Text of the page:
Medication can be used to treat sustained hypertension. Labile hypertension can be much less predictable and make it harder for a doctor to find the right dose. If the blood pressure is frequently normal, blood pressure medicines might lower it too much. What’s more, such medication doesn't appear³ to reduce blood pressure variability.

Because stress is often a cause of labile hypertension, your doctor may equip you with stress management tips to help you reduce your stress levels. If your anxiety is bad enough, this may include anti-anxiety medications to help you maintain a more consistent mood.

Common techniques for lowering blood pressure may also help keep your blood pressure spikes in a safer range. There are quite a few diet and lifestyle changes you can make that will help to lower your blood pressure. 

Dietary changes

Most people don't have a very healthy diet. Modern diets are often filled with processed foods high in substances that are not nutritious. These foods can contribute greatly to elevated blood pressure readings.

In addition, our diets often lack some of the important nutrients that help our bodies better regulate blood pressure. Let's take a look at some of the changes you can make to your diet to reduce your blood pressure.


Many of the staples in a modern diet are bad for your high blood pressure. Any reduction in these elements will help to lower your blood pressure.

You can discuss your specific case with your doctor to see how drastically you should alter your diet, given the frequency and intensity of your blood pressure spikes. 

  • Sodium: One of the substances most associated with high blood pressure is sodium. The CDC estimates that 11 million cases of high blood pressure could be eliminated annually if everyone stayed under 2,300mg of sodium per day. Unfortunately, some processed foods can contain close to that in a single serving. Because the average person consumes over 3,400mg per day, cutting sodium is a great place to start.

  • Sugar: Studies⁴ have shown that a decrease in sugar intake can reliably predict a decrease in blood pressure. Many of the drinks we consume are high in added sugar. Often, this sugar comes in the form of high fructose corn syrup, which is also known⁵ to raise blood pressure. Reducing sugar helps reduce weight, which can also lower blood pressure. However, sugar can negatively affect your blood pressure independently⁶ of any weight gain.

  • Red meat: Swapping out red meat for white meat can also help to reduce your blood pressure. One study⁷ showed that an increase in red meat can reliably predict an increase in systolic blood pressure. If you love red meat, there is some good news. A meta-analysis⁸ of controlled trials found that up to a half serving of red meat a day can be consumed with no effect on blood pressure.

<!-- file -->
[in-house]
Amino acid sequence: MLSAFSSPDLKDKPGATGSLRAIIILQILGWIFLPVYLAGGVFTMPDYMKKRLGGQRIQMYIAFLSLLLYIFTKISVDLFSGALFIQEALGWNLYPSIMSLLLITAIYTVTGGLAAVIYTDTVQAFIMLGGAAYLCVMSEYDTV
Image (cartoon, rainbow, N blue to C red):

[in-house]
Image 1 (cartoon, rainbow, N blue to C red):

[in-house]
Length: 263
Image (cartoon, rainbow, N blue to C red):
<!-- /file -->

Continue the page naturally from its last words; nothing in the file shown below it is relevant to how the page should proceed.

Controlling blood pressure through diet isn't all about what you cut out. There are also plenty of foods and nutrients known to have a positive impact on blood pressure readings. Adding more of these foods and nutrients to your diet can help counterbalance the remaining unhealthy foods that you eat.

  • Potassium: Potassium works with sodium in the body, and has the opposite effect of sodium. Increased amounts of potassium are associated⁹ with decreases in blood pressure. While potassium is present in many foods, the use of sodium in processed foods means that most people get more sodium than potassium. Most salt substitutes are made with potassium chloride, which can be a good way to raise potassium intake while decreasing sodium intake.

  • B vitamins: Several of the B vitamins help reduce blood pressure. B2 (riboflavin) has been shown¹⁰ to lower blood pressure in certain population groups. B9 (folate) is also associated¹¹ with lower blood pressure levels. Another study¹² looked at B2, B6, and B9 in combination and found that they work to lower blood pressure.

  • Vitamin D: It has been established¹³ that having a deficiency of this vitamin can increase the likelihood that a person develops hypertension. It remains to be seen whether additional vitamin D beyond the required amount will actually lower blood pressure. Because vitamin D is largely made by the body from exposure to sunlight, those with limited exposure might benefit from higher dietary vitamin D or supplementation. 

  • Beetroot: An extensive review¹⁴ of available studies on the effectiveness of beetroot shows overwhelming evidence that food has a positive role to play in lowering blood pressure. The studies showed the greatest reduction in blood pressure for those who were hypertensive, though blood pressure was reduced for those without hypertension as well.